As a direct descendant of Admiral Sir John Balchen, who died with his entire crew aboard his flagship HMS Victory, I wish to bring to your attention, a website that expresses the disgust of the descendants of the Admiral, at the commercial exploitation of the wreck. Also via the site we wish to clarify that Sir Robert Balchen, Lord Lingfield is not as has been reported, a descendant of the Admiral. Lord Lingfield's (a senior conservative politician) and his Maritime Heritage Foundation, were gifted the wreck, despite having no maritime archaeological or funding at the time.

23 May 12
15:42 CET


Yeah, your all missing the point. The objections aren't to raising the wreck, but to selling the archaeology. Archaeology is owned by all and should not be sold. It is the governments responsibility to preserve and manage, they are simply passing the buck to the private sector and essentially starting to privatise the nations heritage. If just one of you was actually an archaeologist you too would be disgusted by the idea, but you are plainly treasure hunters and just want the spoils. The ship has to be raised, but at what cost?

17 May 12
20:51 CET


Professional jealousy is springing to mind. Odyssey sound like they have ticked all the boxes and a quick visit to their website confirms they have a professional pedigree as long as your arm. I am sure these academics mean well but if we hung around and waited for them to make up their minds the site would be further destroyed by fishing and erosion - I am diver and I have seen how quickly sites can erode. If they actually care about the site they would want to get down there as soon as possible and get everything up. They can't do that, Odyssey can, so their response is that if we can't have it nobody can and that is crime against the taxpayer and the public both of whom are set to benefits from such wonderful recoveries.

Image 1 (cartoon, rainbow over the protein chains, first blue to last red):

17 May 12
15:21 CET


Big problem: Only Odyssey knows where the wreck is!!!!

16 May 12
22:46 CET


I truly believe the many historical and,yes, sometimes valuable artifacts and treasures under the sea should be salvaged for all to see and appreciate. We would not have the King Tut treasures to admire if Carter was prevented from recovering them decades ago. I feel the technology, care, respect and professionalism Odyssey Marine has exercised in this instance deserves our vote of confidence in the handling of The Victory.

16 May 12
22:46 CET


The archaeologists harp on about 'preservation in situ' mainly because they themselves won't take the risk to come up with the vast amount of money it takes to undertake a recovery of this kind. The archaeologists think they have a monopoly over history and when someone else does what they won't, they're up in arms! What hypocrites! They should take a look at what little is left of The Titanic after only 100 years, to see how effective 'preservation in situ' is in reality. Good luck to Odyssey Marine exploration for putting their money where their mouths are and saving this fast decaying heritage for future generations!

16 May 12
21:10 CET


This site has already borne the brunt of fisheries with trawlers drawing their nets across. The most environmentally friendly, history friendly and fact friendly, is to recover using the OMEX specialists to bring it all up...including the human remains and provide perspective to ALL people..not just those that can afford to hide their collective "educated" heads in the sand and leave it there. The common person has the right to know how these things look, act feel and touch. Not just some PO'd academic with his underwear in a bunch!

16 May 12
19:15 CET


This group of misguided "heritage protectors" would rather the wreck lay on the bottom of the channel forever. The cannon and equipment from the ship will be displayed in museums and our children will have some tangible artifacts that will let them relive the past. Would it be better to leave it to the fishes? I vote we bring it up, and if someone makes a profit off the endeavor, good for them. They are risking their ships, equipment and crew to bring us a bit of history that we can see and touch.